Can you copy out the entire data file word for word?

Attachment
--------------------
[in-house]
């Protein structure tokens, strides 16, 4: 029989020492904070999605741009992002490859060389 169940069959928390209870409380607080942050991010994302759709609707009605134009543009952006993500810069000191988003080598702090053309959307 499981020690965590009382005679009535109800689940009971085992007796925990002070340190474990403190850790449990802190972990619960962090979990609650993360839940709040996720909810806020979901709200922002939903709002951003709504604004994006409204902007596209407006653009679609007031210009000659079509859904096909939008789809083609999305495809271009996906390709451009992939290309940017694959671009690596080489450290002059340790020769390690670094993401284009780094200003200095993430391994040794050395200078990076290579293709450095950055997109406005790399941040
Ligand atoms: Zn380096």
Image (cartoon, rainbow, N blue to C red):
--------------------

[in-house]
């Protein structure tokens, strides 16, 4: 029989020492904070999605741009992002490859060389 169940069959928390209870409380607080942050991010994302759709609707009605134009543009952006993500810069000191988003080598702090053309959307 499981020690965590009382005679009535109800689940009971085992007796925990002070340190474990403190850790449990802190972990619960962090979990609650993360839940709040996720909810806020979901709200922002939903709002951003709504604004994006409204902007596209407006653009679609007031210009000659079509859904096909939008789809083609999305495809271009996906390709451009992939290309940017694959671009690596080489450290002059340790020769390690670094993401284009780094200003200095993430391994040794050395200078990076290579293709450095950055997109406005790399941040
Ligand atoms: Zn380096």
Image (cartoon, rainbow, N blue to C red):